16 comments so far
Seriously hate trade and wish they would go straight to mass market or if I’m being pedantic slightly bigger than mass market.
I’ve just brought 5 new books and evey single one is a different size, rrrrrrr lol.
What are the odds of hardbacks and trades being available at Orbital Eastercon do you think? I believe you’ll be there so there might be the possibility of signing??
I doubt anyone would mind doing away with trade if you were willing to pay twice as much for the mass-market…
I’ll be there, and I’m more than happy to sign anything I’ve written, or, for that matter, pretty much anything else. As for what’s available, I guess that depends on the dealers who are there. Last Argument of Kings should be out on the Thursday before the con so it’s possible some of them may have it.
Rough prices but:
£6.49 for a trade, £5.49 for mass market.
I’d happily pay the extra pound for less bulk to take on the train, and from a production point of view I’d have thought they would be cheaper to make as well (hence being cheaper than trade).
Depends on the book, I guess, and the discounting structure they’re going for, but at retail prices, on Last Argument of Kings, anyway, 12.99 for a trade paperback, 7.99 for a Mass-Market. As an author I make a better cut from the trade editions too, which leaves me earning about twice as much from a trade sale as from an MMP. So I’d be sorry to see them go, for one.
I agree with you the whole thing makes precious little sense for readers, though.
Speaking of matching books, if I buy King in UK trade will it match my US editions of the first two?
What about the US version? Is it out yet?
I picked up Blade in MMPB and Hanged in TPB so I guess Kings will be TPB as well. Luckily for me I managed to wait and have them sit on my shelf for about 5 months before I read them both last week. Now I’m pissed off with myself that I have to wait a month for Kings to come out – I just couldn’t wait those extra few days eh? So I’ve started Ian McDonald’s “Brasyl” in the meantime and it sucks compared to your books.
Here in Oz a regular fantasy/sci-fi MMPB costs around $20 to $22, a TPB $35 to $40 and a HB $40 to $55 in regular bookshops. I was in New York recently and bought a huge amount of MMPB books because even with the exchange rate each one came out to around $10 AUD – at least half price!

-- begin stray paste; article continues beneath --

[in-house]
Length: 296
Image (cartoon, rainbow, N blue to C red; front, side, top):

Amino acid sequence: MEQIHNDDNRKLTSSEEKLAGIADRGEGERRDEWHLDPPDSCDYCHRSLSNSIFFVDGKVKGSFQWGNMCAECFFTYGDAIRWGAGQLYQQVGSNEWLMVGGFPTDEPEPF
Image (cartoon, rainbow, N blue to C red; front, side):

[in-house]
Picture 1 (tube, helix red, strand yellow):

Being a reader and non-Librarian going fantasy fan in Australia sucks arse let me tell you. I can literally buy most drugs cheaper than TPB or HB book. Luckily some authors are worth it.
Ah – although in terms of content the US and UK trade editions are identical, they don’t actually match. The US one is slightly smaller, top to bottom, the internals are set differently, and it’s printed on a finer paper, meaning that it’s actually considerably slimmer. Given the fact the third book is 20% longer, a UK one will most likely look pretty monstrous next to its US counterparts. The content will be the same though.
Although it’s not due to be published until March 4th, Before They are Hanged has been available on amazon.com for a couple of weeks now. I was told it had been seen in Borders as well, but I couldn’t promise that.
Ah, not long to wait now…
I thought it was funny when I read this blog because Pat Rothfuss (The Name of the Wind) just posted a blog on almost the same topic the other day.
A lot of your blogs are similar, I think he’s even got one up about Cloverfield.
You said that the hard cover print run for Hanged was around 1,000 copies. Would you be prepared to divulge the size of the print runs for the Blade and Kings?
Damn you Rothffffuuuuusssssssss!!!
(you have to imagine me kneeling in the mud in the pissing rain, screaming it at the heavens).
Other Anon, assuming you’re not the same Anon,
As far as I know, the hardcover runs have been/will be all around 1,000 copies, so get ’em while they’re hot, because they don’t last long. I hear they’re clearing some of the gold out of Fort Knox ’cause it takes up too much room, and replacing it with 1st/1st hardcovers of the First Law. NOTHING IN THE WORLD is more valuable, pound for pound, than those bad boys.
That small hardback edition looks nice – more books should be that size in Hardback. It’s manageable, and you don’t need a mule to cart it around…
And what’s the deal about “big” mass-market paperbacks, like yours ? From the size given by Amazon, they seem to be +1 to +2cm in length and +3 to +4cm in width, compared to usual MMPBs…
Do you confirm there won’t be any other (smaller) MMPBs of your books ?
it does look nice
Don’t know what the deal is with the bigger format mass-markets. It just appears to be the way they’ve gone with these books. Gollancz do some of the more standard smaller kind as well – looking at my shelf richard morgan’s and rob grant’s mmps are smaller. I don’t see any reason why they’d suddenly produce an even smaller mmp of The First Law books, as far as I’m aware these are the final editions they’ll do, which will hopefully stay on the shelves until Planet Earth is swallowed by the sun. That’s up to the publisher, though, so I can’t promise anything.